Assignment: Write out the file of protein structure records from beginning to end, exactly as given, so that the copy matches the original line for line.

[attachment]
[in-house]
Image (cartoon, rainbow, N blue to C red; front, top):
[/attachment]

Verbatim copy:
[in-house]
Image (cartoon, rainbow, N blue to C red; front, top):